The lake was created for sailing and rowing and was never quite suitable for swimming. Rhyl resident Terry Roberts aka 'Terry Handbag', now in his 70s remembers, “When I was a kid we used to go there swimming and come out covered with mud and slime. Our mothers played hell.”

SUN 4th FEB 2018 UPDATE: An image of Rhyl Amateur Swimming Club diving off the pontoon at Marine Lake - a card postmarked 1912.




Last week in Rhyl I took this photograph. You won’t find Botanic Terrace on a current street map, so where is it?

The answer will appear on this blog a week today, i.e. Wednesday 22nd July 2009.



Last Wednesday I posted the photograph above (TOP) and asked where in Rhyl you would find the seat. The answer is Vale Road in garden dedicated to the late Councillor Cyril Roberts, opposite Ty’n Rhyl.

First correct answer came from Lynn Roberts of Gordon Avenue. Gareth Roberts (no relation) was another who came up with the right answer and thinks he recalls that there were cottages on the Vale Road site before the gardens. You may well be right, Gareth – thanks for getting in touch.


WED 15th JUL 2009 UPDATE: A message has arrived from George Owen who says, “The seat on Vale Road was the site of two very old one-storey cottages, and on the wall behind the seat you can still see the V-shaped mark of the pitched roof where it was butted against the old chapel. I remember a friend who lived there, Nigel Millington. He now lives in Canada.”


Tuesday, 14 July 2009


The picture above appears on the front cover of a book titled ‘The Kinmel Park Camp Riots 1919’ by Julian Putkowski published by Flintshire Historical Society in 1989. The book is a detailed study of events surrounding thousands of Canadian soldiers at Kinmel Camp; they had been fighting in the Great War (First World War 1914-18). The war was over and they were agitating to go home.

On a Saturday night in November 1919 some who were in a drunken and unruly state began rioting at the camp. The violent unrest went on for two days. Five soldiers were killed, many people were injured, much property was damaged. The picture shows part of the aftermath.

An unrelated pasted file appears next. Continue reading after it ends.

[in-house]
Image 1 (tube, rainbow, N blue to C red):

The five soldiers, along with more than 80 of their comrades from the camp who died during a ‘flu epidemic, are buried at the Marble Church in Bodelwyddan.

My thanks to reader George Owen for reminding me about these events and sending an article that he wrote which was published in The Journal on 4 March 2009.


Sunday, 12 July 2009


The picture above (TOP) is from around 1905 and shows the interior of Rhyl Railway Station, which had opened as a main station on the Chester to Holyhead line in 1848 and brought tremendous growth to the resort. The Vale of Clwyd railway was added ten years later to run from Rhyl to Denbigh (until 1955).

In 1899, Rhyl Railway Station was enlarged and the platforms extended – a sign of success. Since mid or late 1980s only two platforms have been used – a sign of downturn. The picture in the middle shows the station in February this year. The other is a photo that I took last week of Rhyl No.1 signal box which is near Morley Road and still in use.



PavilionIn response to a request, here are the positions of the memorial statue for military personnel killed in conflicts over the years. The picture at the top is from 1910s showing the statue in its original position – on the prom and facing the sea – just west of Rhyl Pavilion.

The picture in the middle is a copy of a card postmarked 1932 showing the statue on the prom near the top of High Street – and still facing the sea. The picture at the bottom is a photo I took last week showing the statue’s present position in Garden of Remembrance.

These days the statue has its back to the sea and its surrounding plaques continue to be updated with the names of Rhyl’s fallen as one conflict follows yet another. Details of the persons commemorated appear on a superbly researched web site:

FRI 24th NOV 2017 UPDATE: An undated (presumably 1930s) shot of a Remembrance Sunday Service at the Soldier's Memorial as it sometimes called, in its second and least known position, near the pier.
Click on it to see a bigger version.

In the background on your left of the picture, the building bearing the sign Royal Cafe is on corner of East Parade and High St – where B&M is now.


Saturday, 11 July 2009


Some pictures suggest a particular day of the week. Above (TOP) seems to say Saturday; it shows the hustle and bustle of a busy day at the Open-Air Bathing Pool on the prom. The card is postmarked 1932 and is from a Mr. Laidler in Rhyl to a friend back home in Scotland.

The other card seems to say Sunday. The relaxed demeanour of the figures in the foreground indicates that time was passing at a slower pace. The location is the west end of the beach, possibly opposite Sandringham Avenue. The card is unused and therefore undated but feels a little earlier than the other.